Evicted by NEW YORK TIMES BESTSELLER * WINNER OF THE PULITZER PRIZE * NAMED ONE OF TIME'S TEN BEST NONFICTION BOOKS OF THE DECADE * One of the most acclaimed books of our time, this modern classic "has set a new standard for reporting on poverty" (Barbara Ehrenreich, The New York Times Book Review). In Evicted, Princeton sociologist and MacArthur "Genius" Matthew Desmond follows eight families in Milwaukee as they each struggle to keep a roof over their heads. Hailed as "wrenching and revelatory" (The Nation), "vivid and unsettling" (New York Review of Books), Evicted transforms our understanding of poverty and economic exploitation while providing fresh ideas for solving one of twenty-first-century America's most devastating problems. Its unforgettable scenes of hope and loss remind us of the centrality of home, without which nothing else is possible. NAMED ONE OF THE BEST BOOKS OF THE YEAR BY President Barack Obama * The New York Times Book Review * The Boston Globe * The Washington Post * NPR * Entertainment Weekly * The New Yorker * Bloomberg * Esquire * BuzzFeed * Fortune * San Francisco Chronicle * Milwaukee Journal Sentinel * St. Louis Post-Dispatch * Politico * The Week * Chicago Public Library * BookPage * Kirkus Reviews * Library Journal * Publishers Weekly * Booklist * Shelf Awareness WINNER OF: The National Book Critics Circle Award for Nonfiction * The PEN/John Kenneth Galbraith Award for Nonfiction * The Andrew Carnegie Medal for Excellence in Nonfiction * The Hillman Prize for Book Journalism * The PEN/New England Award * The Chicago Tribune Heartland Prize FINALIST FOR THE LOS ANGELES TIMES BOOK PRIZE AND THE KIRKUS PRIZE "Evicted stands among the very best of the social justice books."--Ann Patchett, author of Bel Canto and Commonwealth "Gripping and moving--tragic, too."--Jesmyn Ward, author of Salvage the Bones "Evicted is that rare work that has something genuinely new to say about poverty."--San Francisco Chronicle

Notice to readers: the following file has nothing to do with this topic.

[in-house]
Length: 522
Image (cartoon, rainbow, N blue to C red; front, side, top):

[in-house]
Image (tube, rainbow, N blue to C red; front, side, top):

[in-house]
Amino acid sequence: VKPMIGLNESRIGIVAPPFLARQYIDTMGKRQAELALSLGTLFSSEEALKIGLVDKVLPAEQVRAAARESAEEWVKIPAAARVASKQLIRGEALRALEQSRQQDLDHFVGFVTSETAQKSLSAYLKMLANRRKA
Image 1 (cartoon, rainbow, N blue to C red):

Call Number: HD 7287.96 .U6 D47 2016
Publication Date: 2017
Lost in the Transit Desert by Increased redevelopment, the dismantling of public housing, and increasing housing costs are forcing a shift in migration of lower income and transit dependent populations to the suburbs. These suburbs are often missing basic transportation, and strategies to address this are lacking. This absence of public transit creates barriers to viable employment and accessibility to cultural networks, and plays a role in increasing social inequality. This book investigates how housing and transport policy have played their role in creating these "Transit Deserts," and what impact race has upon those likely to be affected. Diane Jones Allen uses research from New Orleans, Baltimore, and Chicago to explore the forces at work in these situations, as well as proposing potential solutions. Mapping, interviews, photographs, and narratives all come together to highlight the inequities and challenges in Transit Deserts, where a lack of access can make all journeys, such as to jobs, stores, or relatives, much more difficult. Alternatives to public transit abound, from traditional methods such as biking and carpooling to more culturally specific tactics, and are examined comprehensively. This is valuable reading for students and researchers interested in transport planning, urban planning, city infrastructure, and transport geography.
Call Number: HT 123 .A45 2018
Publication Date: 2017